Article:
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Quod Pandarus, ' Ye, nece, wol ye here?
Dulearnon clepid is 'flemyng of wrecchis;'
Hit semith hard, for wrecchis nel hit lere,
For verrey slouth, and other wilful tecchis;
This seid is by hem that be not worth two fecchis;
But ye be wys, and that ye have in hond,
Is neither hard, ne skilful1 to withstond.'
'Than, eme,' quod she, 'doth herof as ye lyst,
But, or he come, I wil ferst arise;
And, for the love of God, seth al my trist
Is on yow two, and ye be bothe wyse,
So wurkith now, in so discrete a wyse,
That I honour may have and he plesaunce,
For I am here al in your governaunce.'
'This is wel seid,' quod Pandare, 'my nece dere!
had in power the Easterns and Westeme world, signified in the two homes. But, however, it well suits the passage, either as if he had personated Creseide at the entrance of two wayes, not knowing which to take, in like sense as that of Prodicus his Hercules, Pythagoras his Y, or the logician's dilemma expresse; or else, which is the truth of his conceit, that she was at a ntm phis, as the interpretation in his next staffe makes plaine. How many of Chaucer's readers never so much as suspect this his short essay of knowledge transcending the common road? And by his treatise of the Astrolabe (which, I dare swear, was chiefly learned out of MessaJmJah) it is plaine he was much acquainted with the mathematiques, and amongst their authors had it.J It is agreed between Speght, Necham, and Selden that Dulearnon, whatever its origin may have been, was applied to some geometrical or mathematical theorem. And, if any authority is allowed to the gloss in the margin, the meaning will be, 'I am obliged to solve a question as difficult as that called Dulearnon, which is so puzzling that it is called the fuqa mUerorum, that which deters the stupid;' just as we call the fifth prop, of the same book ' the asses' bridge,' because dunces canndt get over it.
1 Sldl means reason, or reasoning. Skiljul, then, here signifies requiring much reasoning.
This Troylus on knees sone hym set,
But Pandare, that so wele couthe fele
In every thing, to pley anon bygan,
And seyd, ' Nece, se how this lord can knele!
Now, for your trouthe, se this gentil man!'
And with that word, he for a cuisshyn ran,
And seid, 'Knelith now whil that yow lyst,
There God your hertis sone bryng at rest!'
Can I not seyn, for she bad hym not rise,
If sorow it put out of her remembraunce;
Or ellis she toke it in such a wyse
Of dewte, as for his observaunce;
But wele find I, she did hym this pleasaunce,
That she hym kyssid, althogh she sikid sore,
And bad him sit adoun withouten more.
Quod Pandarus, 'Now wol ye wele begynne,
Cryseyde, that was Troylus lady right,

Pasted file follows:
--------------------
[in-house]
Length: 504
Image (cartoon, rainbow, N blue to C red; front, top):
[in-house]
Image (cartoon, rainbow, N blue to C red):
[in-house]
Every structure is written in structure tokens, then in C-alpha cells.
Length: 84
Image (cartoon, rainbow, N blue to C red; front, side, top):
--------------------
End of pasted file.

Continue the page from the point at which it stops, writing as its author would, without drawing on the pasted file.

1 Pandarus composed his countenance, and pretended to read,by tin tire, an old romance which happened to be lying at hand.
And that love is in cause of such foly,
'Lo, herte myn! as wold the excellence
'And your goodnes have I found alwey yet,
'And, dredeles, that shal be found at preve;
'My good hert myn! note I, for why ne how
That jelosye, the wikkid wyvere,"
Thus causeles is cropyn into yow,
The harme of which I wold fayn delivere:
Alas! that he al hole, or of hym a shivere,
Shold have his refute in so digne a place!
That Jove hym sone out of your herte race!
1 Andhoole, omitted in MS. 3943, is supplied from MS. i239
2 MS. 3943 reads, Thogh J now right on yow self pleyn. This is so evidently corrupt that the reading of MS. 1239 is adopted in preference.
3 Harl. MS. 3943 reads wythir, which is probably a mere clerical error. Wyvere is taken from MS. 1239, and is interpreted by Speght to mean 'A kind of serpent, much like a dragon.'
'But, 0 thou Jove! 0 auctour of nature!
'Eke al my wo is this, that folke now usyn
'But certeyn is, some maner jalousye
'And some so ful of furie is, and despite,
3 Her hure seems to mean their fortune, as in the French malheur, which they are said to endure irrespectively of their guilt or innocence. MS. i239 reads her injure, which is perhaps better.
3 Cryseyde says,' Were it lawful to complain of jealousy to thee, who thyself sufferest from the effects of jealousy,' soil., from Juno, who used always to persecute the ladies whom Jupiter loved.
4 Harl. MS. 3943 reads sowe, which does not rhyme with love. Shove is the reading of MS. 1239.
5 The Harl. MS. 3943 reads reprehension, MS. 1239, oppression; but Speght and Urry both read repression, which is so clearly required by the context that it is here adopted.
Of abundance of love, and bysy cure,
'Of which I am right sory, but not wrothe;
With that a fewe brighte teris newe J
Out of her eyen fel, and thus she seyd:—
'Now, God thow wost, in thought and dede untrewe
To Troylus was never yet Cryseyd!'
With that her heed doun in the bed she leyd,
And with the shete hit wrie, and sighid sore,
And held her pees, nat o word spak she more.
But now help, God, to quenchyn al this sorow!
So hope I that he shal, for he best may;
For I have seyn, of a ful misty morow,
Folowyn oft a mery somers day;
And aftir wyntir comith grene May;
Folk sene al day, and eke men rede in story,
That aftir sharpe stouris3 is oft victory.'
This Troylus, whan he her wordis herd,
Have ye no care, him lest not to slepe!
Eke it thoght hym no strokis of a yerd
To here or se his lady Cryseyde wepe;
But wele he felt about his herte crepe,
For every tere which that Cryseyde astert,
The crampe of deth, to streyn him by the herte,
1 Harl. MS. 3943 reads ordinal; ordal, meaning ordeal, is from MS. i239. 2 Truly set forth, or expressed.
3 Both the MSS. which have been collated for this edition read shouris, and they are followed by Speght; but stouris, meaning battles, is so clearly the true reading, that it has been adopted from Urry.